• If your Shopify subscription is through an app store like Apple’s App Store or Google Play, you must cancel it through the respective store’s subscription management.
  5. Can I transfer my store to another account before canceling?
    • Transferring ownership is possible before canceling. You would need to initiate a store transfer from the ‘Settings’ menu in your Shopify admin.
  6. What happens to my custom domain if I cancel?
    • If you purchased your domain through Shopify, you would retain ownership of the domain until the end of the registration period you have paid for. You can transfer it to another provider or renew it to keep it active.
  7. If I cancel my subscription, will my customers know?
    • Your storefront will become inaccessible, and while customers won’t receive a notification from Shopify about your store’s closure, they will not be able to make purchases or browse your products.
  8. Are my installed apps also canceled when I cancel my Shopify subscription?
    • When you cancel your Shopify subscription, third-party apps that have separate charges will not be automatically canceled. You need to cancel those subscriptions individually.
  9. Can I reactivate my subscription after canceling?
    • You can reactivate your Shopify subscription within a certain period after cancellation, typically within 30 days, by logging into your account and selecting a new plan.
  10. Do I need to remove my payment information before canceling?
    • It’s a good practice to remove payment methods before canceling your subscription, although Shopify should automatically stop any recurring payments once you cancel.
  11. How to cancel your Shopify subscription if you have outstanding charges?
    • You’ll need to settle any outstanding charges before you can complete the cancellation process. You can pay your outstanding invoices from the ‘Bills’ section in your Shopify admin.

These FAQs should provide a solid foundation for understanding how to cancel your Shopify subscription. Keep in mind that every business situation is unique, and if your question isn’t answered here, Shopify’s customer support can provide more personalized guidance.

Tips for Cancelling Your Shopify Subscription

Deciding to cancel your Shopify subscription can be a significant step for your business, and it’s important to do it correctly to avoid potential issues. Here are some tips to ensure that the process of how to cancel your Shopify subscription is smooth and hassle-free.

  1. Plan Ahead: Before cancelling, consider the timing. It’s best to cancel close to the end of your billing cycle to make the most of the service you’ve already paid for.
  2. Backup Your Data: Export any important data from your Shopify admin, including customer lists, order histories, and product details, as you will lose access to this information once the store is closed.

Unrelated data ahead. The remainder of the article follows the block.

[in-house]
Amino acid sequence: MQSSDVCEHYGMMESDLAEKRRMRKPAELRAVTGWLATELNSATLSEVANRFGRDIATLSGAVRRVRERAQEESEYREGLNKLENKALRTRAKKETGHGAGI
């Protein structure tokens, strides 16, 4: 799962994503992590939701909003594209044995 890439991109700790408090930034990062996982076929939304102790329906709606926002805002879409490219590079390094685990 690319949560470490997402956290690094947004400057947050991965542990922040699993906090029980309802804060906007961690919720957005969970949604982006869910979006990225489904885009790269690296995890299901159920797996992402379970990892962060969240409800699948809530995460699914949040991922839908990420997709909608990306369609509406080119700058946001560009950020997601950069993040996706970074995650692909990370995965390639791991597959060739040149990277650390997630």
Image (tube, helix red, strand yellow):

3. Settle Outstanding Charges: Ensure all your bills are paid and outstanding charges are settled. This prevents any complications that may arise due to unpaid balances.
  4. Inform Your Customers: Let your customers know in advance that your online store will be closing down, so they have time to make any final purchases or arrangements.
  5. Transfer or Cancel Your Domain: If you have a custom domain through Shopify, decide whether you will transfer it to another provider or let it expire.
  6. Uninstall and Cancel Paid Apps: Remember to cancel any paid app subscriptions separately, as they will not automatically cancel when you close your Shopify store.
  7. Review Refund Policies: Understand the terms of service for both Shopify and any third-party apps you use. Knowing the refund policies can help you determine if you’re eligible for any refunds upon cancellation.
  8. Remove Personal Information: For privacy and security reasons, remove any personal or sensitive information from your account before cancelling.
  9. Consider Pausing Instead of Cancelling: If you’re unsure about closing your store permanently, you can choose to pause your Shopify subscription instead, keeping your data intact for when you’re ready to return.
  10. Keep Records of the Cancellation: Once you’ve cancelled your subscription, keep the confirmation email or any communication from Shopify acknowledging the cancellation. This will serve as proof in case there are any discrepancies later.
  11. Check for a Cool-Down Period: Some services have a ‘cool-down’ period after cancellation where the account remains active. Be sure to know if this applies to Shopify so you can avoid unexpected charges.